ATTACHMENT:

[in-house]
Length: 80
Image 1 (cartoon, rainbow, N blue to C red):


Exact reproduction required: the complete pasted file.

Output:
[in-house]
Length: 80
Image 1 (cartoon, rainbow, N blue to C red):